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A Granny for AII Seasons
(Aik Thee Nani)

Written by
Shahid Nadeem


A Granny for AII Seasons was written by Pakistani playwright Shahid Nadeem in 1992. It was inspired by the true story of two remarkable actor sisters of the South Asian subcontinent, Zohra Segal and Uzra Butt. They both started their careers in late 1930s and worked with the legendary theatre and film personality Prithavi Raj Kapoor, the patriarch of the famous Kapoor clan of Bollywood. The two sisters, who belonged to Muslim nobility of Northern India, created a sensation in British India for adopting acting and dancing as a career. In the late '40s, their careers were violently disrupted by the Partition of India. Uzra moved to Pakistan with her husband, but Zohra decided to stay in India and pursue her acting and dancing career, working with great dancer Uday Shankar, brother of Sitar maestro Ravi Shankar. There wasn't much use (or respect) for Uzra's acting talent in Pakistan where performing arts were regarded as anti-Islamic. She abandoned her acting career and became a housewife, until Shahid's Ajoka Theatre rediscovered her in 1984. Since then, Uzra, now 85, has been a regular and leading member of Ajoka and has appeared on television as well. Zohra, 88, is a leading theatre, TV and film actor in India, and her daughter Kiran Segal is a prominent Indian classical dancer.

In 1993, the two sisters starred in Granny, acting together for the first time since their separation at the time of Partition. The play has since been performed in Pakistan, India and the UK, to great acclaim.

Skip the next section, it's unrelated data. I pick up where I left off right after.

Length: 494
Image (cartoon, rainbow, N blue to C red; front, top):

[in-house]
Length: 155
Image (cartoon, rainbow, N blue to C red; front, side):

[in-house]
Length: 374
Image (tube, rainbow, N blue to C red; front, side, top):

Historical and Political Context

When the British left India in 1947, the country was partitioned into a Hindu-majority India and a Muslim-majority Pakistan. The Partition was preceded and followed by an unprecedented transfer of population (of Muslims from India to Pakistan and of Hindus and Sikhs from Pakistan to India) and bloody communal riots. Families and provinces were cut in the middle, causing great suffering and trauma which lingers to this day. The two countries, now nuclear powers, have had three wars in the past 51 years, and in the recent years have come close to another war. Although the people of India and Pakistan share a common history, culture, languages, and religious heritage, they tend to claim that they have nothing in common. Common history is distorted to prove this point and people on both sides of the border are made to believe that those across the border are evil.

This play is also about friendship between the people of India and Pakistan, their inseparable shared history, and their inescapable common destiny. In a Pakistani context, it is an attempt to critically examine the Establishment's version of the Pakistan ideology, which has become increasingly corrupted by rising Islamic fundamentalism.

When the play was performed in Delhi to tremendous critical and popular acclaim, there were two reactions from the extremist sections in both countries. In Pakistan, conservative press and intelligence agencies condemned the "anti-Pakistan" bias of the play. On the other hand the Hindu extremist leader of Bombay, Baal Thakray, refused to allow a "Pakistani play" to be
performed in Bombay at the Prithavi Theatre Festival (instituted in memory of the late Prithavi Raj Kapoor), and the invitation had to be withdrawn.

Historical Characters Referred to in the Play

1. Moharnmad Bin Qasim: Arab General who led the first Muslim invasion of India in the 8th century. Regarded as a great hero by some and a foreign invader by others.

2. Mahmood Ghaznavi: The Afghan general of the 18th century who attacked and plundered India 17 times. Regarded as a hero in Pakistan and a villain in India.

3. Iqbal: Poet Mohmmad Iqbal, a great Urdu poet of the 20' century whose song about motherland India is one of most popular Indian patriotic songs, but who later changed his mind and presented the idea of a separate Muslim homeland called Pakistan.

Aik Thee Nanee
(A Granny for All Seasons)
by Shahid Nadeem

Video of an Urdu/Hindi play followed by Q&A with the Director.

Saturday, October 12, at 5pm.

Main Quad, Building 300, Room 300,
Stanford University

Cosponsored by
Friends of South Asia (FOSA)

Koshish Foundation
3rd I
Urdu Academy

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